Unilever’s next step in sustainable sourcing of raw materials
Unilever buys first available certificates for Sustainable Soy Oil
London and Rotterdam – Unilever today announced a small but important step towards 100% sustainable sourcing of its agricultural raw materials by 2020. Unilever, a founding member of the Round Table on Responsible Soy (RTRS), bought some of the first available certificates for sustainable soy. This follows the recent introduction of the RTRS certification scheme.
Pier Luigi Sigismondi, Chief Supply Chain Officer Unilever said: “Certification is an essential first step towards sustainably grown soy and sourcing sustainably grown soy will help Unilever meet the environmental commitments in its Sustainable Living Plan. That’s why this first batch is so significant, both for the RTRS and Unilever.
“We can’t change agricultural practices across the world overnight, but by working closely with others – suppliers, farmers, NGOs, and other businesses – we can begin to precipitate change”.
Unilever Brazil bought certificates that cover 5,000 tonnes of sustainable soy oil – mainly for use in North and South America and specifically in dressings and margarine products. Unilever aims to stimulate farmers to move their agricultural practices towards the RTRS criteria. At the moment only one company has received certification. Global production in soy oil is around 40 million tonnes and Unilever buys around 1%.
Sustainable sourcing is an important part of the Unilever Sustainable Living Plan. With this unique plan Unilever has set three goals to achieve by 2020 – halve the environmental footprint of its products, help more than one billion people take action to improve their health and well-being, and source 100 percent of its agricultural raw materials sustainably. Today’s milestone supports the commitment to sustainably source all our soy beans by 2014 and all soy oils by 2020.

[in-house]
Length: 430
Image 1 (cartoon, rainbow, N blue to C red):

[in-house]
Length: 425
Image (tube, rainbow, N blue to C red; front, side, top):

The Round Table on Responsible Soy
Established in 2006 in Switzerland, the RTRS is a multi-stakeholder initiative which aims to facilitate a global dialogue on soy production that is economically viable, socially equitable and environmentally sound. The RTRS’ more than 150 members include soybean growers, crushers, traders, food and feed manufacturers and civil society organisations. They work together to market certified soybeans that have been responsibly produced, and to maximise the amount of soybeans that can be RTRS certified. The Round Table on Responsible Soy (RTRS) has developed a set of principles and criteria which define the responsible production of soy. They ensure that the fundamental rights of previous land owners, local communities, workers, small farmers and their families are respected and fully taken into account, and that no new land of native habitat or high conservation value areas (forests) have been cleared for soy cultivation since May 2009. The RTRS principles and criteria also state that soybean farmers must adopt best management practices in order to minimise their environmental footprint.
General information on the Round Table on Responsible Soy (RTRS) can be found on the RTRS website www.responsiblesoy.org
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